KCPD says teens right out of high school could make at least $18 an hour as public servants

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KANSAS CITY, Mo. — Police are reaching out to high school students, looking for candidates interested in careers helping their community.

Some students at Frontier STEM High School are looking in alternatives to taking on a mountain of college debt. This includes jobs as first responders.

That doesn’t mean someone right out of high school can be become a police officer. Officer applicants must be at least 21 years old. However, the department said it’s important to show high schoolers that, at 18, they can start a career through other areas of public service that pays a livable wage with good benefits.

For example, a high school graduate can start as a parking control officer, a 911 call taker or a dispatcher, where the pay starts at more than $18 an hour.

From there, young people can pursue a law enforcement career after turning 21. A police officer who successfully completes training starts at nearly $46,000 a year.

That’s a figure that is getting the attention of teenagers, who increasingly face a choice of finding a good paying job now or taking on debt without any guarantee that a college degree will land them a higher-paying career.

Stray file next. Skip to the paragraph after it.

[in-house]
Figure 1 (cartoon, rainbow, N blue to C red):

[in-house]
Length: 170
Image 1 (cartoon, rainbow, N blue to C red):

“I would say starting a career with as little debt as possible, it’s the thing to do, because inflation occurs yearly, and things aren’t getting cheaper,” Capt. Jeffery Hughley, of KCPD’s East Patrol division, said. “If you can get right into a career, you can have benefits, and if you have a family, you also have benefits that take care of that family. I think it’s a good move.”

The city council is discussing hiring more police officers in May. Now, it’s just a matter of how many. The budget released last weeks calls for 10 new unites, but some on the council are pushing for 30.

Currently, there are open positions in parking control, which would allow teens to get their foot in the door. Kids interested in science and technology often don’t realize that police also have jobs for information technology professionals and crime lab specialists that pay even more than what officers make.

The high school career fair also is a good opportunity for teens to see police as real people with families, and not an intimidating presence they should fear.

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